Do animals or humans have free will?
In this column, we’ll shift gears a little and talk the uniquely human capacity for reason and free will.
While spiritual beings also share free will, no other animal does. I distinctly remember being taught in my psychology 101 university class that modern psychology has essentially dismissed the idea that free will exists, although some consider it an interesting theory to remember for historical significance. I’ll explain why such a position is utter absurdity later. For now, I’d like to simply state that this idea is quite valid and reasonable when applied to the (non-human) animal kingdom. The famous Pavlov’s dogs are but one good example of how such an understanding can provide great insights into animal behavior. Animals are indeed products of their nature and nurture, their genetic predispositions and their environment. Therefore, an animal cannot choose between good and evil. A rabbit cannot choose to be a holy rabbit any more than it can choose to be a sinful rabbit—it can only be a rabbit.
Human beings, on the other hand, represent an entirely different situation. Popular and fashionable psychology theories notwithstanding, we are very much capable of choosing between good and evil. With the use of our reason combined with free will, we actually make several moral decisions each day. Because of this we are accountable for our actions. Bad habits (which progress to addictions) can certainly weaken our free will as we become enslaved to such destructive behaviors. In such situations, our individual culpability may therefore be less for a particular repetitive mistake, as human beings, we are responsible for every one of our conscious actions. Such and understanding should be universally accepted, however, in our age of moral relativism and abdication of personal responsibility for anything, we have tickled our ears with the false teaching that we are merely animals with no free will.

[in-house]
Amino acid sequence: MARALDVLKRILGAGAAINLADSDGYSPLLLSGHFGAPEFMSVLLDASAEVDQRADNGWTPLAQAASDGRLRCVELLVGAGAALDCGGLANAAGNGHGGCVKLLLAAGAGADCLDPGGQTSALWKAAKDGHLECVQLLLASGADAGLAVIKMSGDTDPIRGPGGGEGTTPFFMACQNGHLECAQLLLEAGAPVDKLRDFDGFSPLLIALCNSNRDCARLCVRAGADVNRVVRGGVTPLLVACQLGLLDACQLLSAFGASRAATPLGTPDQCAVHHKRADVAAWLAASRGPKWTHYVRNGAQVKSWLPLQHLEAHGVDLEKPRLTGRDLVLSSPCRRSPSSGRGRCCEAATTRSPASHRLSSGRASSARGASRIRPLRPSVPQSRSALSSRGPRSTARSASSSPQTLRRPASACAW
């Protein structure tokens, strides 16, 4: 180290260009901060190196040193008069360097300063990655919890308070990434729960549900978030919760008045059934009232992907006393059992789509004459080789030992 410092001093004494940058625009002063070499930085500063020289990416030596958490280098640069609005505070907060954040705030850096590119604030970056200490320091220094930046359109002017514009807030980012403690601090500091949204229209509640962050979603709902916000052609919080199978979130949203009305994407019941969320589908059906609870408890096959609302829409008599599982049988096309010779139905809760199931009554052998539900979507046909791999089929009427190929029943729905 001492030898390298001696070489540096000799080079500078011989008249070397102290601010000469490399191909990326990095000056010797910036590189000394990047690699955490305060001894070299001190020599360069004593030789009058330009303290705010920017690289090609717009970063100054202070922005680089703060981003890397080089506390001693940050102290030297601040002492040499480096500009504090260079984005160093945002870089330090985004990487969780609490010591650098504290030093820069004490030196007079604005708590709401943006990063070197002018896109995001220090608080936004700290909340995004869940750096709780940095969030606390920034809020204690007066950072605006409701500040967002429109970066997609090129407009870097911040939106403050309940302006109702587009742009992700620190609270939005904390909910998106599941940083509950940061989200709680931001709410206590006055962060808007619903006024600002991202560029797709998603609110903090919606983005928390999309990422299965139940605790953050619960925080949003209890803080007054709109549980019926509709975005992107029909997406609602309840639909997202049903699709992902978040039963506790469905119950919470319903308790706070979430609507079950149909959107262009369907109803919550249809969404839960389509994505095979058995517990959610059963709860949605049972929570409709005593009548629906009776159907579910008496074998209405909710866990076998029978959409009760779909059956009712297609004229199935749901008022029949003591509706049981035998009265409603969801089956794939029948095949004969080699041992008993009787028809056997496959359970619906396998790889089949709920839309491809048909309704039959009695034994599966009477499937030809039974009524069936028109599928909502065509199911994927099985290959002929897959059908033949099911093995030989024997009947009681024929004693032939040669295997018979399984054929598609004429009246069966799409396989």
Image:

I’ll demonstrate a common-sense based logical demonstration of this key distinction between humans and all other animals. Arguably, no human action draws as much universal condemnation from other humans as rape. Efforts to address the problem of rape is one of the few legitimate causes left among the various so-called women’s rights organizations that have otherwise been corrupted with a dedication to abortion. On this issue, I stand not only with them, but with all people (be they religious, agnostic, or atheist) who condemn such unthinkable and inexcusable violence. No amount of bad genes and poor upbringing can excuse a man for violating a woman in this most inhuman manner.
What about animals? Is there any equivalent to rape in the animal kingdom? Why not? Anyone who has been in the presence of dogs, or other pets long enough has witnessed a mating process that in no way reflects the standard of mutually consenting adults we have for humans. We intuitively understand and accept that such animals act purely on instinct and have no responsibility for their actions in any sort of moral or ethical sense.
It is precisely because we are so different than animals in this most obvious example that we are held to an entirely different standard. We are not bound to act according to mere natural instincts. We have the capacity both for reason and subsequent free decisions of the will. Such a rational understanding of human beings explains why we should be held accountable for our actions. Whether this issue is cigarette smoking or premarital sexual activity, we are neglecting dour duty to give appropriate guidance and instruction when we treat such reckless behavior with indifference or dismiss it with the tire old adage “they’ll do it anyway.” Far too often today, especially at the highest levels of public policy, we provide our youth the message that we expect them to behave like animals in heat without any expectation of self-control. Sadly, this frequently becomes a self-fulfilling prophesy.
Young people deserve better. As rational human beings, we have a responsibility to affirm their human dignity and to teach them how to live in a way they will find true freedom and fulfillment.